The Uncommon Reader
by Alan Bennett
Reviewed by Ted Gioia
One day the Queen encounters, by chance, a mobile library parked by
Buckingham Palace. A few members of the staff rely on this outreach
program, but a visit by royalty is a rare and unexpected event. The Queen
feels that she should check out a book to show her support. But the Queen
doesn’t know much about books. What should she do?
Thus begins Alan Bennett’s clever and entertaining story The Uncommon
Reader. Bennett is best known for his dramatic works, and has also written
for television and recently published a memoir, Untold Stories, which was a
bestseller in the UK. But Bennett is also a brilliant author of fiction, as
demonstrated by this charming account of a monarch coming to grips with
that ultimate democratizing force, the written word.
The Queen decides to read the book she has borrowed. After all, the Queen
is always focused on duty and decorum, and returning it unread would seem
rather irresponsible, no? But this one book leads to others, and they open
up more doors, and before long, she is the leading reader in the land. Why?
After a lifetime of being insulated and protected from the flow and flux and
unpredictability of real life, she has finally found a way of bypassing, at least
through books, all these barriers and finding out what really happens in the
The Queen has a companion in her literary adventures, a low-level kitchen
worker at the palace named Norman. Norman also loves books, but has a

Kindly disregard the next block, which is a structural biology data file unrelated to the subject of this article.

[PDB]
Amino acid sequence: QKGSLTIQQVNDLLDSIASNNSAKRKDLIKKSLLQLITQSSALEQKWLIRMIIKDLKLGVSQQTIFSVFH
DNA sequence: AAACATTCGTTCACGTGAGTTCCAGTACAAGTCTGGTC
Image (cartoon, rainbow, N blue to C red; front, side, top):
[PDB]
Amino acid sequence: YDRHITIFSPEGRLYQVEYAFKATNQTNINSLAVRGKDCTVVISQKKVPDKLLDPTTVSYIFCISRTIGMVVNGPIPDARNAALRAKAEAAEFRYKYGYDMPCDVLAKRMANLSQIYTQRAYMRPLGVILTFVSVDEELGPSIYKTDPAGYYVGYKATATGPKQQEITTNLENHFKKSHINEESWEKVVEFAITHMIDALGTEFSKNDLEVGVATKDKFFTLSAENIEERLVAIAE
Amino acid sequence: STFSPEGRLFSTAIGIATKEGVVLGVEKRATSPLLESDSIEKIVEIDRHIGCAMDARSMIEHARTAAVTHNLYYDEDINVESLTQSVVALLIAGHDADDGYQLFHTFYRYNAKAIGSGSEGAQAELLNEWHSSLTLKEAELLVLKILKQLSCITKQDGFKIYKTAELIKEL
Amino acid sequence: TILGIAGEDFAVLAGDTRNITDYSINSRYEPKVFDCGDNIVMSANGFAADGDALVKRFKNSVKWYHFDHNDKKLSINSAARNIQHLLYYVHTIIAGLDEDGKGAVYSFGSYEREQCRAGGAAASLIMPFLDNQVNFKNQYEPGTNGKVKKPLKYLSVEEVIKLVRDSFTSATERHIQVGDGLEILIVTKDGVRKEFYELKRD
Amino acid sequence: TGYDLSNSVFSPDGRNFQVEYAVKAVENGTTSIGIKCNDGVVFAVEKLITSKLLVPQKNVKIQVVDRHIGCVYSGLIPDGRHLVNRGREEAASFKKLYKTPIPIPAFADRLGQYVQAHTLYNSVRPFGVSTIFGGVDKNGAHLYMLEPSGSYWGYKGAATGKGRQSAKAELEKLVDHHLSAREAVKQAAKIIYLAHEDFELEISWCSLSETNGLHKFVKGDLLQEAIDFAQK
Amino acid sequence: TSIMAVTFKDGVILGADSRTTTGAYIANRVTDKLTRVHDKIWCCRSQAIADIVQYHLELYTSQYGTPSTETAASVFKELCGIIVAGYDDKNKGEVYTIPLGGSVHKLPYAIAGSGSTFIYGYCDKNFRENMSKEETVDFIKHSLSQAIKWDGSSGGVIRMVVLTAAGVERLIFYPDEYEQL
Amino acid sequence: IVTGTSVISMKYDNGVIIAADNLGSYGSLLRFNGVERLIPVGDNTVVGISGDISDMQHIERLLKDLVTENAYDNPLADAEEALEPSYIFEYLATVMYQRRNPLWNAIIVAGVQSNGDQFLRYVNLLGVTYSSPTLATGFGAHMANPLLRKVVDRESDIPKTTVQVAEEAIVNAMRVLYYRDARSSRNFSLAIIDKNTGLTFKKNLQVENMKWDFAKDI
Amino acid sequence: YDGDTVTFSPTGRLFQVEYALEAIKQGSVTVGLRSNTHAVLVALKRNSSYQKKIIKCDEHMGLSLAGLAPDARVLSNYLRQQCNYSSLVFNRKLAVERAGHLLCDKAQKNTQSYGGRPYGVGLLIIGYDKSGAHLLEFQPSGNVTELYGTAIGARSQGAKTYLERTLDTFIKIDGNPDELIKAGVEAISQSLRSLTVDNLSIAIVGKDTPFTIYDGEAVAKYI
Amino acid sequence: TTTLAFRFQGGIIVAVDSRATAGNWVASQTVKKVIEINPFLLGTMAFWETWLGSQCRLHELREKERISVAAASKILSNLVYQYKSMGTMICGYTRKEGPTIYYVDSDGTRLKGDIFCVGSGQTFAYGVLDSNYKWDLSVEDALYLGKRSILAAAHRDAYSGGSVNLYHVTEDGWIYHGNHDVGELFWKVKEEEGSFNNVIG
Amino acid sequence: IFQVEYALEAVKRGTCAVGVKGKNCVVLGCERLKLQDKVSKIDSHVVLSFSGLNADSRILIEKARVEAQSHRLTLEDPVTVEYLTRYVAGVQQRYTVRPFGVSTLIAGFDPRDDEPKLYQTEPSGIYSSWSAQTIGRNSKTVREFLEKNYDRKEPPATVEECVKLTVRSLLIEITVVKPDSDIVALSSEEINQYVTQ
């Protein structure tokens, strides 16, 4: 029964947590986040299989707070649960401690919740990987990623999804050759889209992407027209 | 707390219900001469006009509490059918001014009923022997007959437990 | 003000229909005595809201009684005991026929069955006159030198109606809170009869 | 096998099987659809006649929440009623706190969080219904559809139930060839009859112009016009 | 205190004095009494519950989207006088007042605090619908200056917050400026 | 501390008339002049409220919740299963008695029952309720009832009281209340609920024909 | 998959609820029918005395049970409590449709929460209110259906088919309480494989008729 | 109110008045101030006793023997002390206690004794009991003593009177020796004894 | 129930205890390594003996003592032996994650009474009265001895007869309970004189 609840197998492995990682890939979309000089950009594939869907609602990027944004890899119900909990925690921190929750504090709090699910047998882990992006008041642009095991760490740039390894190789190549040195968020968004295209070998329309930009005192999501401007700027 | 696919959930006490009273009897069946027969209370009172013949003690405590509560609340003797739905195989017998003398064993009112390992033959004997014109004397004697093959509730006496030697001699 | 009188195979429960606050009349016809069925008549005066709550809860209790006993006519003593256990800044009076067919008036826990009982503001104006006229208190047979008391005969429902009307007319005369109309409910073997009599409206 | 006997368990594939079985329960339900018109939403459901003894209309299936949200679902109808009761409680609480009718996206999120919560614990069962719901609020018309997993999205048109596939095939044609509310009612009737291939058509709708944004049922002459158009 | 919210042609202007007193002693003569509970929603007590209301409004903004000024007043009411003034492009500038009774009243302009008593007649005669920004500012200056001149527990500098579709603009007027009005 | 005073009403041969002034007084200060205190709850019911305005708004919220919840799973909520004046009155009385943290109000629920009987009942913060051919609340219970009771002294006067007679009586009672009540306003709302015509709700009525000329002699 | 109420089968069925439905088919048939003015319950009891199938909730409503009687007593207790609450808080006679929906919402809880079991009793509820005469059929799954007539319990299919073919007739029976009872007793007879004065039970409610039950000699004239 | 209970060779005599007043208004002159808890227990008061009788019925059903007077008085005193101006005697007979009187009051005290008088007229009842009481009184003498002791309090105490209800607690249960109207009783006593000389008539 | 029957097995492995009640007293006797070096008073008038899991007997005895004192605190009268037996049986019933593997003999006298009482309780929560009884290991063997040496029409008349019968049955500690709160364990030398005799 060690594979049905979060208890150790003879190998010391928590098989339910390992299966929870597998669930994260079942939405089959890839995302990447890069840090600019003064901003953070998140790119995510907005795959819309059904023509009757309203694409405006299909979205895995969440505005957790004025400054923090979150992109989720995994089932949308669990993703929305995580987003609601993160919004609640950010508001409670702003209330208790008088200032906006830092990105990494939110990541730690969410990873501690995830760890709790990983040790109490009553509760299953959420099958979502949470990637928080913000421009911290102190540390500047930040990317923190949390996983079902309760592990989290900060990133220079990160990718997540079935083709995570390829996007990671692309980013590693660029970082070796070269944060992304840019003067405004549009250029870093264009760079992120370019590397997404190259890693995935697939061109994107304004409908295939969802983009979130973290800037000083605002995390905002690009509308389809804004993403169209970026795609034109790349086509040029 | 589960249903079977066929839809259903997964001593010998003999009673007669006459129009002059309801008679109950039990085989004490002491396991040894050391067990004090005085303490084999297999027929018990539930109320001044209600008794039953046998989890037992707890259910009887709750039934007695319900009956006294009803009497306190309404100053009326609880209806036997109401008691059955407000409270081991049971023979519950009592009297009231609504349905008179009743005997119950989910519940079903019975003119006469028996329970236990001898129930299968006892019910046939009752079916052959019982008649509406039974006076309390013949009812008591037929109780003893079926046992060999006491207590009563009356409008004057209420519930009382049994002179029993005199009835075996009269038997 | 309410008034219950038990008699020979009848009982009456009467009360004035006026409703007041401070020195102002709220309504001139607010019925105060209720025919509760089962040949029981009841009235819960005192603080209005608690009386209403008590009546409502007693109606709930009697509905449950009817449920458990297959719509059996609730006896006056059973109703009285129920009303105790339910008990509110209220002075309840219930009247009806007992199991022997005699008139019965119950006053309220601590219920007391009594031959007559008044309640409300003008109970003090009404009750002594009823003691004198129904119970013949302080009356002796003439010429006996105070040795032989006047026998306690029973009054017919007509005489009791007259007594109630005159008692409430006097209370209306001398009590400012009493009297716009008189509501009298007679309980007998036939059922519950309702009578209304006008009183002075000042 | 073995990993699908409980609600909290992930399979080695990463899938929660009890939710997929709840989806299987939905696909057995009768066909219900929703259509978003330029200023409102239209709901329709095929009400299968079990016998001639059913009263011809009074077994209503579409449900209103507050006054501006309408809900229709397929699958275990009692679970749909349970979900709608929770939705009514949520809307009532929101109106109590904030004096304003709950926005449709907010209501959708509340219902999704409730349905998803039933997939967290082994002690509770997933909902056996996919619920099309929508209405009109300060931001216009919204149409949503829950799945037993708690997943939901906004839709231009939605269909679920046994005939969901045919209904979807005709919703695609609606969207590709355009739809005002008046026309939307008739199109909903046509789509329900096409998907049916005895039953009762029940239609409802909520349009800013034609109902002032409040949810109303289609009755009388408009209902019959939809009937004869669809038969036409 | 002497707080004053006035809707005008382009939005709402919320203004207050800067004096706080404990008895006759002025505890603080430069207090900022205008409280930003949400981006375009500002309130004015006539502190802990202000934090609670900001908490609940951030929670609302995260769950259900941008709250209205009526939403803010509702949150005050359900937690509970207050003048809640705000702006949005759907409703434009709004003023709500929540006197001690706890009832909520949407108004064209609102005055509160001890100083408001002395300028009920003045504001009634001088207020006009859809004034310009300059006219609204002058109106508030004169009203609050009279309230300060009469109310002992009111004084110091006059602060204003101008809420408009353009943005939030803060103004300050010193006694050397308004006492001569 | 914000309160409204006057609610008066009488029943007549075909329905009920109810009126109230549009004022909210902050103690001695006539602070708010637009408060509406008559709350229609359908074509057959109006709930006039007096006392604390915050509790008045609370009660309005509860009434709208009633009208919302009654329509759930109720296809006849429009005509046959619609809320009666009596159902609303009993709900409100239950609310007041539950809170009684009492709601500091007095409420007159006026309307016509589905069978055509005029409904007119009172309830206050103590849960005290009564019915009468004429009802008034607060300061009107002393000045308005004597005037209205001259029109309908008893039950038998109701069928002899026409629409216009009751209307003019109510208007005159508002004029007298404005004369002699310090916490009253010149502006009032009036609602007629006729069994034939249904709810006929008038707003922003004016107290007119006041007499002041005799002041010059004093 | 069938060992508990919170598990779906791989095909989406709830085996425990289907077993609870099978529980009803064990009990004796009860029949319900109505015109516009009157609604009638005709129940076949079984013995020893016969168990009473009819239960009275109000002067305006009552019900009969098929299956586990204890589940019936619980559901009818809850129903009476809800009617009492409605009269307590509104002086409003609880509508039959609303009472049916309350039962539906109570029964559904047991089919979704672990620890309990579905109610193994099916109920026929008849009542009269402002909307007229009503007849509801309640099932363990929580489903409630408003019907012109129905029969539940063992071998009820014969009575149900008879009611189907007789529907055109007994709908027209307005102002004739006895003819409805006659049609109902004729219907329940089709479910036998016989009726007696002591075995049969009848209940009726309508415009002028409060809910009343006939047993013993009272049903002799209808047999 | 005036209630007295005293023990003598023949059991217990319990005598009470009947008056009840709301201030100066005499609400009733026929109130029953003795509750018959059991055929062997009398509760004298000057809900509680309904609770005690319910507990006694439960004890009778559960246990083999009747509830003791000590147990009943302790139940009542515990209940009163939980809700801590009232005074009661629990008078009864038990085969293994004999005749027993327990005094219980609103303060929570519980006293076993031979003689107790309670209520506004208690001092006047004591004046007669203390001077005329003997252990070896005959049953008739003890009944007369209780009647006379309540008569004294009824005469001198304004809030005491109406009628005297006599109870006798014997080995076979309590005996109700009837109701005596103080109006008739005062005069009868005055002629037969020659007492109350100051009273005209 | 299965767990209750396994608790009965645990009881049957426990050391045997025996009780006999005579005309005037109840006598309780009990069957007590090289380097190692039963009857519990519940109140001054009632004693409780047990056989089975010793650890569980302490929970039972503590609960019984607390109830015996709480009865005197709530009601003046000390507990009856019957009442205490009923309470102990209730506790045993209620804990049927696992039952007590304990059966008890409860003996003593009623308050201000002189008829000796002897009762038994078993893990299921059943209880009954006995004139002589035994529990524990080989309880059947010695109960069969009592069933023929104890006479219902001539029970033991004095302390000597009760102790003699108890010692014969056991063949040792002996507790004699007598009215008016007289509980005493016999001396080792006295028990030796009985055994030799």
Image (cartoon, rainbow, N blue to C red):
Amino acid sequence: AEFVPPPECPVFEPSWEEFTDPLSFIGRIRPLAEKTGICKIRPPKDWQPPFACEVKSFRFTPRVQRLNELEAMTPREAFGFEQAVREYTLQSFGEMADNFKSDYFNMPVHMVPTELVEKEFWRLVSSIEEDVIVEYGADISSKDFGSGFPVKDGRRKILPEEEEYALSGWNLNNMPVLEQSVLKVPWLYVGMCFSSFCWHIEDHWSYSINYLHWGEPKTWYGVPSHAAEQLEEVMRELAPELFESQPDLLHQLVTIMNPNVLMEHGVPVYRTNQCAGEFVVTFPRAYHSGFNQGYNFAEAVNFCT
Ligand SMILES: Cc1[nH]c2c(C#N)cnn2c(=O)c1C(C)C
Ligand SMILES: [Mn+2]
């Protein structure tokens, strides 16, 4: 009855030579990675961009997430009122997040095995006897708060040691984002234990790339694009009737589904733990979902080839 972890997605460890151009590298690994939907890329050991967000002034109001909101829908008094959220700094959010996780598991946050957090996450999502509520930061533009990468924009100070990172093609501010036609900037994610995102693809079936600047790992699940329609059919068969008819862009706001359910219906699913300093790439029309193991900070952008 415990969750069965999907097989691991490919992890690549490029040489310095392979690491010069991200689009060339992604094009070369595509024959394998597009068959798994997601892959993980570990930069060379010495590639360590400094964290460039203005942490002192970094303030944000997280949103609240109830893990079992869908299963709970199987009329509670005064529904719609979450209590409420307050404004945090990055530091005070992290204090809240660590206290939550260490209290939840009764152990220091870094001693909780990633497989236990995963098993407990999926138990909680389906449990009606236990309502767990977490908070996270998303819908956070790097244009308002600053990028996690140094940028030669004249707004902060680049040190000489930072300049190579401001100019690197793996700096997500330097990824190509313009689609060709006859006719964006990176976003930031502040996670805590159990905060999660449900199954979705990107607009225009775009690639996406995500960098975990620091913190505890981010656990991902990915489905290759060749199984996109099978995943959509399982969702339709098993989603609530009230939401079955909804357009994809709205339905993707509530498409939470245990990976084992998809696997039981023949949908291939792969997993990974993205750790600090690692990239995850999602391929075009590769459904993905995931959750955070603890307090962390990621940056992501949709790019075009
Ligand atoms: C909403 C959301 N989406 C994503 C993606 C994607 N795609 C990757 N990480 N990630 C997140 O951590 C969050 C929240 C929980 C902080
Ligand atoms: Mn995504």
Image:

strong preference for the works of homosexual authors. Through his
guidance, the Queen is soon checking out J.R. Ackerley, E.M Forster, Marcel
Proust and a host of other writers that she might otherwise have missed.
When she meets the President of France, she asks about Genet, rather than
inquire into the details of Anglo-French monetary arrangements.
The Queen’s staff and handlers are concerned about this new obsession,
which seems a little selfish and elitist. A battle breaks out behind the scenes,
with everyone from the Prime Minister to the lowest servants involved in the
resulting fray. Bennett is especially good at probing the subtle ways in which
reading a book can cause irritation and an unexpected backlash. Any book
lover who has encountered hostility from family and friends aimed at this
seemingly harmless pastime will appreciate these pages.
But can all this end happily? What if the Queen decides that reading books is
all good fun, but it might even be better to write one? Certainly this cannot
bode well for her hangers-on? Bennett pulls it all together in the end, and
concludes The Uncommon Reader with a sly, surprise ending that admirably
caps a top-notch tale.
This review originally appeared on Blogcritics